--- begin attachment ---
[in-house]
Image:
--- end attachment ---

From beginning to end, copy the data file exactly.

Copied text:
[in-house]
Image: